Two workshops held at the University of Sydney’s Fisher Library will give visitors an opportunity to create a small memento with a 19th century iron hand-printing press originally used for book printing until the 1850s.
Co-convened by the University of Sydney Library and State Library of New South Wales, the week-long program of free talks and workshops runs from Sunday 27 October to Saturday 2 November.
Inspired by the Melbourne rendition of rare book week, which is in its eighth consecutive year, the Sydney organisers say the events offer an opportunity to go behind the scenes of Sydney’s cultural institutions and celebrate the importance of books and literature.
“The importance of rare books in the digital age lies in their materiality,” said Julie Sommerfeldt, Manager of Rare Books & Special Collections at the University of Sydney Library.
“Ownership marks, annotations and even damage can give us tantalizing clues to the history of these significant items, the culture in which they were produced and how they were regarded and used through time.”
“We hope this year’s inaugural rare book week will provide the blueprint for future years, so it becomes part of Sydney’s rich cultural landscape.”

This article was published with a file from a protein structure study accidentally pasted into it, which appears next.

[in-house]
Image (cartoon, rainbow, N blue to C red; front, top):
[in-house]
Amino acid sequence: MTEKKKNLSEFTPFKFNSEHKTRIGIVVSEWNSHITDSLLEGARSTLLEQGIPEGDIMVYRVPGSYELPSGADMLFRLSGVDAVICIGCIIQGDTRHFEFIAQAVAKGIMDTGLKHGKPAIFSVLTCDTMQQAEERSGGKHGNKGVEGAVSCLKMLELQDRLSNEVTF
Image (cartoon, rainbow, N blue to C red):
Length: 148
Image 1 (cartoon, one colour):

Earlier this year, a red chalk drawing discovered in a 1497 copy of Dante’s Divine Comedy in the University of Sydney Library was attributed to the elusive Renaissance artist, Giorgione.
International expert on Giorgione, Emeritus Professor Jaynie Anderson from the University of Melbourne, will explain the remarkable chance finding and how it might help rewrite Venetian art history at an evening lecture on Thursday 31 October.
The week’s events culminate in a rare book fair at MacLaurin Hall, the University’s first purpose-built library, formerly the Fisher Library, which is now heritage listed.
Located in the University of Sydney’s Quadrangle Building, the Hall served as the main library from 1909 until 1962 when it relocated to the current library on Eastern Avenues.
Exhibitors from across the country will descend on the Hall on Saturday 1 and Sunday 2 November for the 2019 Sydney Rare Book Fair.
Letterpress printing using a hand-operated printing press was invented by Gutenburg in the mid-15th Century. Today, these presses are largely regarded as museum pieces, but hand-printing is enjoying a renaissance among modern-day artists.
Presented by the University of Sydney Library’s 2019 Printer in Residence, Barbara Campbell, the hands-on workshop on Monday 28 October and Tuesday 29 October gives a rare glimpse behind the scenes of letterpress printing and allows participants to try the craft for themselves.
Featured image: Interior view of the reading room in MacLaurin Hall, 1908, G3_224_1550. Credit: University of Sydney Archives.